One man’s mission to show the world incontrovertible evidence of climate change forms the basis of the amazing, awe- and dread-inspiring, documentary Chasing Ice, directed by Jeff Orlowski, which may turn out to be the stand-out film of the festival. James Balog is a geologist turned National Geographic photo-journalist who had been sceptical about the possibility of human activity having an effect on the Earth’s temperature and weather right until he was sent on a assignment to get shots of an Arctic glacier. Six months after taking photographs he returned to exactly the same spot to find the ice so diminished as to render the scene unrecognisable, and it was this realisation of how quickly water was being released into the world’s oceans that set him on his major project: an ambitious attempt to achieve time-lapse videos of receding glaciers by setting up cameras at strategic points in Greenland, Iceland and Alaska. This was a fiddly, technically challenging and dangerous operation as the cameras were to be attached to rock faces and left unattended for months at a time, and Balog’s team initially experienced a number of setbacks due to malfunctioning electronics, weather-damaged hardware and power failures, but they persevered and the results are extraordinary – you can actually see the glaciers retreating, sometimes by a matter of miles over only three or four years.
This is one of those films that needs to be seen on as large a screen as possible in order to really appreciate the scale of the physical phenomena being shown. Frankly it’s the worth the price of admission just for the establishing shots of the massive and weirdly architectural icebergs and formations – they often seem to possess a smoothness and perfectly proportioned sculptural quality that’s more beautiful and affecting than any man-made structure. Sometimes it’s difficult to appreciate just how vast these things are, but the film-makers have the good sense to include the occasional shot showing an ant-like researcher or what looks like a toy helicopter somewhere in the white wilderness. Balog himself comes across as an inspiring figure, both a grounded and knowledgeable scientist and an excellent communicator and group leader, capable of spurring his small team on acts of endurance and stamina that sometimes seem way beyond the call of duty – would you fancy spending three weeks in a small tent on a cliff-side in Greenland with a video camera on the off-chance that the five mile glacier in front of you decides to calve some ice (it was worth it. Eventually a lump half the size of Manhattan broke off, and the footage is extraordinary)? While the documentary is firmly science-based, and even gets away with including a few bar charts and statistics, there is some human interest here too, in the shape of Balog’s dodgy knee, which his surgeons have operated on repeatedly and have advised is in no fit shape to allow him to be yomping up the side of mountains. Balog’s no martyr but you can sense his dilemma between his health and family’s concerns on one side and his duty to humanity on the other.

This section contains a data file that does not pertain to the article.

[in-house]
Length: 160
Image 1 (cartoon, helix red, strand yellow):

Chasing Ice is brilliant, clear and pretty devastating in terms of the implications for the planet’s future it exposes. Anyone who says that the case for climate change being a real and pressing concern is yet to be made needs to be strapped in and forced to watch it right now.